An event such as this is the result of hard work and the contributions of many individuals and businesses. The following contributed greatly to this year’s event: Absolute Tree Care, AC Value Center - Lakeside, Agave Restaurant, Allen Marine Inc., ALPS Federal Credit Union, Arctic Chiropractic, Baranof Island Brewery, Cindy Hartman-Moore, Daily Sitka Sentinel, Davis Realty, Dock Shack Café and Lounge, Ernie’s Old Time Saloon, First Bank, Foreign Automotive, Harris Aircraft, Harry Race Pharmacy and Photo, Jim Faro, KCAW-Raven Radio, KIFW Radio and Problem Corner, Murray Pacific, Northern Sales, Nugget Restaurant, Paula Salte, Precision Boatworks, Russell’s, Sea Mart Quality Foods, Seaside Barber Shop, Sitka Bottling Company, Sitka Flowers, Sitka Sportsman’s Association, The Backdoor, The Barber Shop, Traditional Ways, University of Alaska Southeast, Venneberg Insurance and Westmark Sitka.
    The outstanding meal was prepared by John Wathen’s crew and served by members of the Sitka High School baseball team. Our auctioneer was Jon Morse. The dedicated crew of hardworking volunteers who organized and staffed the event included: Pat Heuer (co-chair), Dave Miller (emcee), Lisa Killinger, Chris and Mariah Leeseburg, Hans and Gerry von Rekowski, Milt and Karen Fusselman, Logan Morrison, Vaughn Hazel, Carol Goularte, David (TJ) Tjomsland and Paula Salte. A special thank you to Orion Sporting Goods for selling banquet tickets and handling firearm transactions, and to Allen Marine for going above and beyond to support the DU banquet.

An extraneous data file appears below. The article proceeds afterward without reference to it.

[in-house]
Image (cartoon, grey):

DU is a non-profit organization dedicated to wetlands and waterfowl conservation and restoration. Funds generated through voluntary, tax-deductible contributions are used to enhance, acquire and restore habitat. Last year DU conserved nearly 100,000 acres across the United States alone. About 1,000 wildlife species, including several that are endangered, look to these areas for their habitat needs.
    The largest percentage of DU’s conservation expenditure is derived from nationwide fundraising banquets. These dinners are social affairs attended by avid sportsmen and sportswomen – conservationists who really care about the future of their environment. Eighty-one cents of every dollar raised goes directly to wetland conservation and education.
    I sincerely appreciate all the hard work and wonderful support to make the Sitka Chapter of Ducks Unlimited annual banquet a terrific success. Mark your calendars for next year’s DU banquet on Saturday, Feb. 22, 2014, at Harrigan Centennial Hall. We look forward to another fun filled and rewarding DU banquet for everyone to enjoy!